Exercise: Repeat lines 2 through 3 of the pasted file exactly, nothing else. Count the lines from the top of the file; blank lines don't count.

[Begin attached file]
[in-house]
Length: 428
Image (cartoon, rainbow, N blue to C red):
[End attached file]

Length: 428
Image (cartoon, rainbow, N blue to C red):